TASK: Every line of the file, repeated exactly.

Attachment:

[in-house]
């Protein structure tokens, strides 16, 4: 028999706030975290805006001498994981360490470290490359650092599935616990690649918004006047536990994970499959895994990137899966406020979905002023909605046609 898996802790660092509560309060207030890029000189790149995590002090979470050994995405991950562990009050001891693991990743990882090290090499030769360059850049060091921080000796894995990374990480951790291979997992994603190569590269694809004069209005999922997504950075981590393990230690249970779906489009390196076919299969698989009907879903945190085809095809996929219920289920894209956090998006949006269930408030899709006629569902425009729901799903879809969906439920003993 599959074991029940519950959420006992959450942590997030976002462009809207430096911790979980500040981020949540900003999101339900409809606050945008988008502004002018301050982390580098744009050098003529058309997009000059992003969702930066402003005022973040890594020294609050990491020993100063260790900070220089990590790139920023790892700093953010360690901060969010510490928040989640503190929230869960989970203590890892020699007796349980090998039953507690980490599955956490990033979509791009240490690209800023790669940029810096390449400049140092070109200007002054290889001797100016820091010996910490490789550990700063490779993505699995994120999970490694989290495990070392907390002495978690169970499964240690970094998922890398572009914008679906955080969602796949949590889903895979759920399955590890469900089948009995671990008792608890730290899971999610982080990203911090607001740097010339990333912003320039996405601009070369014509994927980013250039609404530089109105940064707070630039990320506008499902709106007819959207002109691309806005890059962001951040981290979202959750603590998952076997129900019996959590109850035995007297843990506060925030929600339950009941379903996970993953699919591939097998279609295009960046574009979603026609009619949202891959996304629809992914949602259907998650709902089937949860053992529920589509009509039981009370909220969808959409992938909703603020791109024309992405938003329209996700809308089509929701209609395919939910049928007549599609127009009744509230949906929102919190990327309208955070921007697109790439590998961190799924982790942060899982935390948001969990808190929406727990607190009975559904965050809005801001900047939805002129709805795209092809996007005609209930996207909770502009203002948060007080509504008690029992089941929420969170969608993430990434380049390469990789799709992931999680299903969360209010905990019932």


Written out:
[in-house]
């Protein structure tokens, strides 16, 4: 028999706030975290805006001498994981360490470290490359650092599935616990690649918004006047536990994970499959895994990137899966406020979905002023909605046609 898996802790660092509560309060207030890029000189790149995590002090979470050994995405991950562990009050001891693991990743990882090290090499030769360059850049060091921080000796894995990374990480951790291979997992994603190569590269694809004069209005999922997504950075981590393990230690249970779906489009390196076919299969698989009907879903945190085809095809996929219920289920894209956090998006949006269930408030899709006629569902425009729901799903879809969906439920003993 599959074991029940519950959420006992959450942590997030976002462009809207430096911790979980500040981020949540900003999101339900409809606050945008988008502004002018301050982390580098744009050098003529058309997009000059992003969702930066402003005022973040890594020294609050990491020993100063260790900070220089990590790139920023790892700093953010360690901060969010510490928040989640503190929230869960989970203590890892020699007796349980090998039953507690980490599955956490990033979509791009240490690209800023790669940029810096390449400049140092070109200007002054290889001797100016820091010996910490490789550990700063490779993505699995994120999970490694989290495990070392907390002495978690169970499964240690970094998922890398572009914008679906955080969602796949949590889903895979759920399955590890469900089948009995671990008792608890730290899971999610982080990203911090607001740097010339990333912003320039996405601009070369014509994927980013250039609404530089109105940064707070630039990320506008499902709106007819959207002109691309806005890059962001951040981290979202959750603590998952076997129900019996959590109850035995007297843990506060925030929600339950009941379903996970993953699919591939097998279609295009960046574009979603026609009619949202891959996304629809992914949602259907998650709902089937949860053992529920589509009509039981009370909220969808959409992938909703603020791109024309992405938003329209996700809308089509929701209609395919939910049928007549599609127009009744509230949906929102919190990327309208955070921007697109790439590998961190799924982790942060899982935390948001969990808190929406727990607190009975559904965050809005801001900047939805002129709805795209092809996007005609209930996207909770502009203002948060007080509504008690029992089941929420969170969608993430990434380049390469990789799709992931999680299903969360209010905990019932």